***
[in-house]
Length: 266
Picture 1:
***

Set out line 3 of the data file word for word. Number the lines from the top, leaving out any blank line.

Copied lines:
Picture 1: